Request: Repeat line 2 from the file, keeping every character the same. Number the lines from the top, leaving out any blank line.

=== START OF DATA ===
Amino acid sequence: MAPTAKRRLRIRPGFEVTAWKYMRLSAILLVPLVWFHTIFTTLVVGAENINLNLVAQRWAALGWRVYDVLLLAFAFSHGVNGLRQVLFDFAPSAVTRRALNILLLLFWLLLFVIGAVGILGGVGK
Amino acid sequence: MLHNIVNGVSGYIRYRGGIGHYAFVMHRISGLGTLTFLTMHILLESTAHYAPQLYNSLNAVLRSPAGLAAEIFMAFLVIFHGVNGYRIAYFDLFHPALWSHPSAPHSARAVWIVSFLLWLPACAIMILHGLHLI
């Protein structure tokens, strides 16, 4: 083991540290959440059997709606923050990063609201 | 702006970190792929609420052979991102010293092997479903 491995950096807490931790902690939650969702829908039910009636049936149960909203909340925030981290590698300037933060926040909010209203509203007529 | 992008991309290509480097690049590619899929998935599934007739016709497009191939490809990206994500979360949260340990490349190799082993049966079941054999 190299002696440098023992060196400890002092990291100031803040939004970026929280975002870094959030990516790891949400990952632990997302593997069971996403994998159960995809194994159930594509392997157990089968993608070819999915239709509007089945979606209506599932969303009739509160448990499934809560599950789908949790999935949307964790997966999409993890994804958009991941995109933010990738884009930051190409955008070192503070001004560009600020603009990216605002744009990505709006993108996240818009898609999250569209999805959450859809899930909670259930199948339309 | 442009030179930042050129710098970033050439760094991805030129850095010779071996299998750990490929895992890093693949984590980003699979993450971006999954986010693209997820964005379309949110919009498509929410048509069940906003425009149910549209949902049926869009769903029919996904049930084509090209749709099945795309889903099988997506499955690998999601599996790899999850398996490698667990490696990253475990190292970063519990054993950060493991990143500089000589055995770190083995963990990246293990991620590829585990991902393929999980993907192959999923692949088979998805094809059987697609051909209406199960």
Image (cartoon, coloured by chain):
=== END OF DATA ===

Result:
Amino acid sequence: MLHNIVNGVSGYIRYRGGIGHYAFVMHRISGLGTLTFLTMHILLESTAHYAPQLYNSLNAVLRSPAGLAAEIFMAFLVIFHGVNGYRIAYFDLFHPALWSHPSAPHSARAVWIVSFLLWLPACAIMILHGLHLI